I deliberately chose to work alone and not to build a business, even though all my peers had done so. I wanted no employees, no growth trajectory, no overhead. Of course, this meant no expensive wine, no monster home, no exotic vacations. I couldn't care less. A modest rural home and a healthy family suit me fine and when I travel it is inside my imagination (I dare anyone to find a cheaper vacation!).

These past two weeks of unfettered imagination in a world of my invention reminded me that I created a life that asks of me only what I ask of myself. Now that there are no kids in the house and life is quiet, this is the time to reclaim and build on that.

Oct 7, 2015

Gun Violence in America is Beyond Imagination

I've been struggling with gun violence in this country for many years. I've tried to understand the many perspectives of gun ownership from hunters and firing range enthusiasts to collectors and hoarders who fear for their lives. I'm still learning.

I'm not about to start a tirade on the issue here. This blog is about creative thinking and imagination and how I try to apply it in my life.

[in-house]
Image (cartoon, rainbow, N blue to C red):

As a creative person, I have tried to think of fresh doorways into the discussion and common ground for all sides to start from. A sense of humor is lost on life and death issues, irony and satire can't function in a debate crammed full of hyperbole, and agreeing on the basic facts is impossible when there is so much misinformation and obfuscation that most people don't have a clue what the actual facts are.

As a political person who has been in elected office, run campaigns and knocked on doors to debate social and environmental issues for years, I know how to discuss contentious subjects with people. But this one has me baffled. There is an unbreachable gulf between them what's for and them what's agin. The only thing that sparks the debate is when people die - and even that isn't enough to create change, it just throws chaos back into the mix.

I pride myself on my ability to think outside the proverbial box but this box is so tightly sealed no one can see out. This means that thousands upon thousands more Americans will die before any action to change will ever be taken.

That in itself should unsettle the imagination of every American citizen.